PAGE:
TBA Law Blog

Posted by: Stacey Shrader Joslin on May 27, 2014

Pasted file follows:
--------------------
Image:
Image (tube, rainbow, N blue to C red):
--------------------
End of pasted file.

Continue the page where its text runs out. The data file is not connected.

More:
The U.S. Supreme Court ruled 5-4 today that states may not rely only on intelligence test scores to determine whether a death row inmate is eligible to be executed if the inmate scores between 70 and 75, the AP reports. A score of 70 is widely accepted as a marker of mental disability, but medical professionals say those who score as high as 75 can be considered intellectually disabled because of the test’s margin of error. The mental health community had argued that an accurate diagnosis must include evaluation of an individual's ability to function in society. Until today’s ruling, the court had left it up to the states to determine the definition of mentally disabled. The decision impacts only those states with a fixed statistical cut-off for execution.